strongly authenticated information contained in the X.509 certificates
used in SSL transactions. These warnings are supplemental information
to help users decide if they're connecting to whom they think they are
connecting. These steps and warnings are designed to protect against
attacks on the DNS information.
If you rely solely on the warning dialogs provided by web browsers to
determine if the connection is with whom you think it is or if you do
not fully understand the implications of the dialogs, then you may be
subject to the attacks described in this document and CA-2000-05.
The essence of the problem is this: Within one Netscape session, if a
user clicks on "continue" in response to a "hostname does not match
name in certificate" error, then that certificate is incorrectly
validated for future use in the Netscape session, regardless of the
hostname or IP address of other servers that use the certificate.
For example, suppose that an attacker constructs a web site named
example.com, authenticated by a certificate that does not match
example.com, and convinces a victim to navigate there. Netscape will
present a warning dialog indicating that the site to which the user
thinks she's navigating (www.example.com) does not match the
information presented in the certificate. If the user does not intend
to provide any sensitive information to www.example.com, she may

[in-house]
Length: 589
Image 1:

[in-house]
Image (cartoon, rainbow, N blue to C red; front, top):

choose to continue with the connection (i.e., she may choose to click
"OK" in response to the warning dialog), possibly attributing the
warning dialog to a benevolent misconfiguration on the part of
example.com or failing to understand the implications of the warning
Then, within the same session, no warning dialogs will be presented
under the following circumstances:
* the attacker co-opts the DNS system in some fashion to cause the
DNS name of a legitimate site to resolve to the IP address of a
system under the control of the attacker
* the system under the control of the attacker is authenticated
using the same certificate as www.example.com, which the user
previously accepted in the warning dialog mentioned above
* the victim attempts to connect to the legitimate site (but instead
gets directed to the site under the control of the attacker by
virtue of the attack on DNS)
This allows the attacker to bypass the ordinary "sanity checking" done
by Netscape, and the result is that the user may provide sensitive
information to the attacker.
Attackers can trick users into disclosing information (such as credit
card numbers, personal data, or other sensitive information) intended
for a legitimate web site - if the user has previously accepted a
certificate in which the name recorded in the certificate does not
match the DNS name of the web site to which the user is connecting.
The CERT/CC recommends that prior to providing any sensitive
information over SSL, you check the name recorded in the certificate
to be sure that it matches the name of the site to which you think you
are connecting. For example, in Netscape, click on the "padlock" icon
to engage the "Security Info" dialog box. Then click on the "View